Capcom released an update for Street Fighter 5 this week on PlayStation 4 and Windows PC that added a new playable character, Urien, and a host of other new features to the fighting game. The PC version of Street Fighter 5 also received new anti-cheat measures that not only broke the game for many players, but also raised concerns about security risks over how it was implemented.
Now, Capcom says it’s rolling back that update on PC and apologizing to fans.
On Thursday, Capcom released a new "client-side security update" via Steam for the Windows PC version of Street Fighter 5. Capcom called it an "anti-crack solution ... that prevents certain users from hacking the executable." The update took aim at players who were cheating and "illicitly obtaining in-game currency and other entitlements," Capcom said in a post on Steam.
That update caused headaches for Street Fighter 5 players on PC who said that the game wouldn’t launch for them after installing Thursday’s update. After users complained on Steam and on social media, Capcom said it was looking into the issues players were having.
On Capcom’s blog, the company offered potential fixes to Street Fighter 5 players, saying that computer virus detection software might be to blame.
"The new anti-crack/anti-cheat solution prevents memory access certain ways, so perhaps this is creating a false-positive situation that may trigger either the anti-virus software or Windows [Data Execution Prevention]," the company said. Capcom suggested that players add Street Fighter 5’s executable to their computer’s anti-virus software exception list.
Many players raised concerns that Capcom’s anti-cheat solution presented a security threat, labeling the Street Fighter 5 update "malware" and a rootkit in widely negative user reviews on Steam. The update wrote a new system file with Windows kernel-level access to the OS's system32 folder, which players believe was grossly overstepping the bounds of security. What’s more, players believed the anti-cheat measurements were implemented chiefly in service of maintaining Street Fighter 5’s secondary revenue model of in-game microtransactions, as some players were using trainers and hacks to cheat in the game’s single-player survival mode to unlock costumes.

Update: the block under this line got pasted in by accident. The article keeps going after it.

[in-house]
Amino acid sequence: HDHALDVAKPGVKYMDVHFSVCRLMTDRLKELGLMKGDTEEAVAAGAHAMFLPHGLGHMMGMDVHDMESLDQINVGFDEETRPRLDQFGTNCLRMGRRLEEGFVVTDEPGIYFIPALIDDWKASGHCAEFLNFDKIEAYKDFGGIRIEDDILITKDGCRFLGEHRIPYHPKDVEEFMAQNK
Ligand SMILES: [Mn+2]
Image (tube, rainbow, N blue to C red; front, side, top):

"After the rollback process to the PC version, all new content from the September update will still be available to players," the company said on Twitter. "We apologize for the inconvenience and will have an update on the time-frame for the PC rollback solution soon."
Capcom’s reversal on Street Fighter 5’s security update is the latest in a series of development woes for the fighting game, which has seen add-on characters and game features regularly delayed.
Update: Added more detail to the description of Capcom's implementation of the anti-cheat system file.